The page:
Page from the Gutenberg Bible, 1450s. One of the first mass-printed books.

Johannes Gutenberg - moveable type debuts in Europe (1450 AD)

Johannes Gutenberg was a goldsmith and craftsman working in Strasbourg, Germany. After experimenting with wood-block printing, Gutenberg was left frustrated. He was sure there had to be a more efficient method of printing!

To solve his dilemma, he produced individual printing characters, just like Bi Sheng. Instead of clay, Gutenberg used metals to cast moveable blocks. In the process, he produced the first latinate, printing typeface!

The typeface was based on Blackletter, a script developed from Carolingian minuscule. It was dramatic-looking, featuring thick and thin lines with ornamental serifs. In some countries like Germany, Blackletter was still in use up to the twentieth century!

Gutenberg did not stop there. He also created press technology to mechanise the printing process. Suddenly, it was possible to print customisable pages of text quickly and cheaply. It was a transformation!

European alphabets were easy to work thanks to their few characters. So, by 1450, the press was in action and quickly became very popular!


Nicholas Jenson - creator of early Roman typefaces (1470 AD)

After the invention of Gutenberg’s printing press, the world of typography had just begun. Innovators were keen to learn about this new technology and had some ideas of their own.

Nicholas Jenson started his career as a Master of the French Royal Mint. However, after the invention of the printing press, he wanted in on the action. He went to Mainz to learn the craft and then to Venice to open his own printing shop in 1470. 

Whilst living in Italy, Jenson was inspired by the lettering carved into ancient Roman buildings. The type featured straight lines and regular curves. It was clean, easy to read, and had a weight of importance to it. Over the following years, Jenson developed Roman type, rebirthing Latin inscription! His work is still hugely popular today. Just look at Times New Roman for example!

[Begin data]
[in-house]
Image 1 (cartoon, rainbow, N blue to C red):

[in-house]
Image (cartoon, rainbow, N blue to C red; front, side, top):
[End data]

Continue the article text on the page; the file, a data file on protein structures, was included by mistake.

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Paul Renner - designer of Futura, the first wide-spread sans serif font (1927 AD)

Now, let’s fast-forward to the 20th century. 

In the intervening years, typographers, printers, and designers experimented with countless typefaces. One such experimentation was getting rid of the serifs, the ornamental flicks, from letterings. This sort of typeface was to have a new name. Sans Serif - without serif. 

Sans serif typefaces still dominate today. For example, the hugely popular Futura was created way back in 1927. Paul Renner, its designer, wanted to create a typeface based on geometric shapes. Renner was German and around at the same time as the Bauhaus School. Though he wasn’t associated with it, his work aligns well with the movement. Futura is clean and sleek. Which is perhaps why its one of the most popular fonts of the twentieth century. It was even used on the Apollo Moon Landing plaque! 


how we created our TYpography Collection!

With the explosion of the internet, there have been so many new environments typefaces had to be invented for. 

Typography has also developed into an art form! Here at Project Nord, we love being inspired by typefaces and what they represent. Just take a look at our collection of Typographic Posters! If you like what you’ve read so far, you’re sure to find something you’ll be inspired by too!

Did you know that Project Nord’s first collection was Swiss Typographic posters? We spoke more about the process behind our posters in our Behind the Scenes at Project Nord article. Check it out!